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How to Flip Houses During a Market Downturn

Flipping houses has been a notable way to invest in real estate. It gives investors the opportunity to get their hands dirty and use their own creative vision, while also potentially making a profit. However, flipping houses can feel scary during a market downturn. After all, if an investor purchases and fixes a house, and then isn't able to sell it — they've spent a lot of money and made no return on their investment.

However, even in a market downturn, it can be possible to keep flipping houses and potentially make a profit on the investment. For any investor who wants to flip homes during a downturn, it can help to gain a little knowledge about buyer behavior, how to make properties appealing when the market isn't thriving, and how to manage a flip so that it could be profitable. Here are some tips to keep in mind to help mitigate risk in real estate investing during a market downturn.

Buy cheaper houses than normal

Look for houses that are more affordable than what you normally buy. Tighten up your budget. If you spend less money than you usually do to buy a house, but you're able to do renovations at a similar cost, you could sell the home for less than you would normally list one—and still potentially make a profit. Listing homes at a lower price during a downturn encourages buyers to make offers and may help ensure you don't end up selling at a loss.

Look for foreclosures

When there's a market downturn, that can mean an increase in the number off houses that have gone through foreclosure and are now potentially owned by banks. Banks typically don't want to own houses — they want to own the rights to promissory notes and mortgages. So, one good way to find extremely affordable houses to flip during a market downturn is to go after bank-owned (aka real estate owned or “REO”)  homes. These homes can be in relatively good shape because they've been maintained by a recent owner or bank, and they're owned by someone who is eager to sell and likely for a cheap price. Buying a bank-owned home is a good way to invest less in the property expense, improving your chances of making a solid profit in the end.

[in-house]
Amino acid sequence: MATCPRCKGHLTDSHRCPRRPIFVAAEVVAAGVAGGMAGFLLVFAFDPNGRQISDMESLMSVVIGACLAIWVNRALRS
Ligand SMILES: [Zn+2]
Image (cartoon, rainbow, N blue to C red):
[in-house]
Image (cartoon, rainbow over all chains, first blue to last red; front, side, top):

Consider buying, renovating, and renting

During a market downturn, one of the smartest moves is to buy a home and then hold it — rather than trying to fix and sell it quickly. After the renovation, you may consider renting out the property to a tenant. Fix up the house first, and then, pay off your bridge loan with a new rental loan. Charge rent that will cover the house's expenses, and hold the house until the market's in a better place or through the remainder of your loan term. Then, you'll be able to sell the home for a potential profit.

Be patient

By nature, house flippers can tend to be the kind of investors who want to see a return on their investment nearly immediately. Once the work is finished, they want to sell and enjoy the potential profit. If the market is in a downturn, however, the best thing a house flipper can do is: be patient.

It may take longer to sell the house. You may want to make the renovations more slowly than you normally would, or you may want to take on some of the work yourself, when possible, so you don't have to pay a professional to do it. This may lengthen your normal renovation process. However, if you can be patient and wait for the market to change, you might be able to see a profit from the sale of the house — maybe just not as quickly as you're used to experiencing it.

Flipping houses can be a good way to invest in real estate — even when the market isn't thriving. Market downturns don't need to scare investors away by making them afraid they won't be able to turn a profit. By learning how to mitigate risk when they're putting money into a house to flip, investors can try to ensure that their investment is worth it — in terms of time, effort, and financial payoff.

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The above is provided as a convenience and for informational purposes only; it does not constitute an endorsement or an approval by Kiavi of any of the products, services or opinions of the corporation or organization or individual. The information provided does not, and is not intended to, constitute legal, tax, or investment advice. Kiavi bears no responsibility for the accuracy, legality, or content of any external content sources.